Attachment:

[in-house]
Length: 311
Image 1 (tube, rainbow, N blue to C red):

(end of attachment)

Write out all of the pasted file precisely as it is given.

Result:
[in-house]
Length: 311
Image 1 (tube, rainbow, N blue to C red):